The Little Refugee (2017)

125 found figurines, porcelain, clay, plaster, resin
Commissioned by Kunstahalle Osnabrück for the exhibition Çanakkale Art Walk 2017: Homeland, 6 June 2017 – 6 August 2017
Curated by Christian Oxenius
It was aslo presented in Human Condition. In Search of a Place, The Jewish Museum and Tolerance Center, Moscow, 20 June 2018 — 19 August 2018, Curator: Viktor Misiano, Co-curator: Anna Zhurba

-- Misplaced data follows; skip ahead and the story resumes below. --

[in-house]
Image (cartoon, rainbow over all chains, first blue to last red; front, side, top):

The Little Refugee consists of 125 found children figurines made of porcelain, clay, plaster and resin, sourced from various flea markets and the internet. Forming small family groupings based on height and posture, the disparate figurines are arranged into a straight line reminiscent of a march or a carnival parade. The work takes its name by a marble statuette of a boy with a dog, found in Gerontikon (Nyssa, Asia Minor) that dates back to 1st century B.C. Currently on display at the National Archeological Museum in Athens, the statuette is known as ‘The Little Refugee’ (to prosphyngaki), since according to the museum’s website ‘was brought to Athens by refugees in 1922’ (referencing the disastrous Greek Asia Minor war of 1922 that produced a wave of Greek refugees). Utilizing an ancient artefact as a metaphor (to reference historical conditions of the time of its excavation) points to how archeological objects have been implicated in national narratives but also establishes an analogy between an inanimate object and living humans. Following from this, The Little Refugee salvages an ‘incomplete’ collection of children figurines that cross historical and geographical contexts and moulds them into an ‘inappropriate’ collision of forms. Engaged in a symbolic archaeology, the work gives shape to a new collective body of a frequently voiceless minority and considers the cultural and ideological construction of both childhood and material culture. In Becoming a Refugee, small objects representing children, produced in a variety of styles and which are usually associated with collecting as a cultural pastime, become material evidence of the current historical moment in what is being described as ‘The European Refugee Crisis’.